• How do these Injuries develop?

  • UCL Injury Symptoms:

  • Diagnosing UCL Injuries:

  • Who Gets Tommy John Surgery?

  • How Tommy John Surgery is performed?

Tommy John Surgery:

The Tommy John Surgery is a famous surgical procedure which is used to repair the injured ligaments of the elbow. This surgery is commonly used for pro athletes, college and baseball pitchers. However, this surgery is also performed for other younger persons.

The Tommy John Surgery got its name on former LA (Los Angeles) Dodger pitcher Tommy John. He underwent the initial elbow surgery in 1974. The Tommy John Surgery is also known as Ulnar Collateral Ligament. In short, it is UCL Reconstruction. In this surgery, the surgeons remove the damaged tendons and replace them with the healthy tendons taken from any other part of the body. Today, there are several other types of surgeries being used to treat the UCL. Now we took a look at the true Tommy John Surgery as it is commonly used for the treatment of athletes having injured ligaments.

UCL injury and Tommy John surgery

UCL injury and Tommy John surgery

How do these Injuries Develop?

The UCL is present inside the elbow. It is a connecting tendon which joins humerus (bone of upper arm) to the ulna (bone of forearm). A trauma or repetitive stress on the muscles of the elbow can be a major cause of UCL injuries. The throwers (ball thrower, disc thrower or others) have the highest risk of UCL injuries. Actually, an athlete puts high pressure and stress on the elbow ligaments while twisting and bending the elbow to throw something. With the passage of time, the UCL can lead to small tears or large tears in the ligaments. In this condition, the ligaments will not hold the bones tightly as required during sports activities.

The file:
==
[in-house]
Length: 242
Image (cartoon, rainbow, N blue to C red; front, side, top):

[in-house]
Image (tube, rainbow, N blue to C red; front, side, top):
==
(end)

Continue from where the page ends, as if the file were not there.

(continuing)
Majority of the UCL injuries happen during baseball games. However, other sportsmen can also face this injury. These sports include the following.

  • Tennis.
  • Soccer.
  • Javelin throw.
  • Gymnastic.
  • Softball.
  • Football.
  • Cheer-leading.
  • Boxing.

UCL Injury Symptoms:

There are several symptoms of these injuries. The most common UCL injury symptoms include:

  • Severe pain inside the elbow.
  • Instability of elbow.
  • Loosening of the elbow.
  • Irritation in the funny bone (Ulnar Nerve). This causes numbness or tingling in the ring and small finger.
  • Reduced potential to throw something such as a baseball.

Rarely, UCL injuries also cause problems in other activities such as:

  • Exercising.
  • Running.
  • Batting in baseball.
  • Routine activities in daily life.

Read More: Skier’s Thumb – Gamekeeper’s Thumb – UCL

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Diagnosing UCL Injuries:

In the majority of cases, the physicians like to have a physical examination or medical history of the patient in order to diagnose the UCL injuries. Diagnostic procedures may include:

  • MRI.
  • X-Rays.
  • MRI after injecting the Gadolinium Dye in the elbow.

Remember, all these tests are not 100 % accurate to diagnose the UCL injuries. However, these can be useful to get an idea about the complex nature of UCL injuries.

Who Gets Tommy John Surgery?

UCL injuries can be treated with the help of several non-surgical therapies. The most common and effective therapies include: